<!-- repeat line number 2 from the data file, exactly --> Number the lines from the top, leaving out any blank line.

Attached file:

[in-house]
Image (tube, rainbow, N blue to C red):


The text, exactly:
Image (tube, rainbow, N blue to C red):